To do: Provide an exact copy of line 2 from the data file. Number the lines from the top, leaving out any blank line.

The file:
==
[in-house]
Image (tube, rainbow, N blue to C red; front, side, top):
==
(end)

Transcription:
Image (tube, rainbow, N blue to C red; front, side, top):